Culture of India
When we talk about the culture of ancient India, it refers collectively to the thousands of distinct and uniquely specific cultures of all religions and communities present in India. India is a country of diversity. Here, languages, religions, dance, music, architecture, food, and customs differ from place to place within the country.
Most of the historians often label Indian culture as an amalgamation of several cultures, spans across the Indian subcontinent. It has been influenced by a history that is several millenniums old.
The diverse culture of India such as Indian religions, Indian philosophy, and Indian cuisine, has made a profound impact across the world.
India is the second most populated country in the world after China. There are 29 states in India which have different culture and civilizations. The Indian subcontinent is influenced and shaped by a history that is several thousand years old. Indian culture is heavily influenced by Dharmic religions. These religions are responsible for shaping much of Indian philosophy, literature, architecture, art, and music. Before the start of Common Era, Indian culture was extended beyond the Indian subcontinent. This particularly concerns the spread of Hinduism, Buddhism, architecture, administration, and writing system from India to other parts of Asia through the Silk Road by the travelers and maritime traders during the early centuries of the Common Era. Indian culture was also overlapped with Greater Persia in the Hindu Kush and the Pamir Mountains. Over the centuries, there has been a significant fusion of cultures between Buddhists, Hindus, Muslims, Jains, Sikhs and various tribal populations in India.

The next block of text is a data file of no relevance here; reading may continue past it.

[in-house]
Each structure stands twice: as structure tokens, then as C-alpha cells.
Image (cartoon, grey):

The Origin of Dharma
India is always glorified as a birthplace of Hinduism, Buddhism, Jainism, Sikhism, and other religions. Collectively known as Indian religions. Indian religions are a major form of world religions along with Abrahamic ones. Today, Hinduism and Buddhism are the world’s third and fourth-largest religions respectively, with over 2 billion followers altogether, and possibly as many as 2.5 or 2.6 billion followers. Followers of Indian religions Hindus, Sikhs, Jains, and Buddhists make up around 80–82% population of India.
It makes India one of the most religiously and ethnically diverse nations in the world. There are some of the most deeply religious societies and cultures. Religion plays a central and definitive role in the life of Indians. Although India is a secular Hindu-majority country, it has a large Muslim population. Except for Jammu and Kashmir, Punjab, Meghalaya, Manipur, Nagaland, Mizoram and Lakshadweep, Hindus form the predominant population in all 29 states and 7 union territories. Muslims are present throughout India, with large populations in Uttar Pradesh, Bihar, Maharashtra, Kerala, Telangana, West Bengal and Assam; while only Jammu and Kashmir and Lakshadweep have majority Muslim populations. Sikhs and Christians are other significant minorities of India.
According to the 2011 census, 79.8% of the population of India practice Hinduism. Islam (14.2%), Christianity (2.3%), Sikhism (1.7%), Buddhism (0.7%) and Jainism (0.4%) are the other major religions followed by the people of India. Many tribal religions, such as Sarnaism, are found in India, though these have been affected by major religions such as Hinduism, Buddhism, Islam, and Christianity. Jainism, Zoroastrianism, Judaism, and the Bahá’í Faith are also present in India in small number. Atheism and agnostics also have visible influence in India, along with a self-ascribed tolerance to other faiths. The population growth rate in India is very high. According to a study conducted by the Pew Research Centre, India will have the world’s largest populations of Hindus and Muslims by 2050. India is expected to have about 311 million Muslims making up around 19–20% of the population and yet about 1.3 billion Hindus are projected to live in India comprising around 76% of the population.
Indian philosophy consists of the philosophical traditions of the Indian subcontinent. There are six schools of orthodox Hindu philosophy: Nyaya, Vaisheshika, Samkhya, Yoga, Mīmāṃsā and Vedanta along with four heterodox schools: Jain, Buddhist, Ājīvika, and Cārvāka.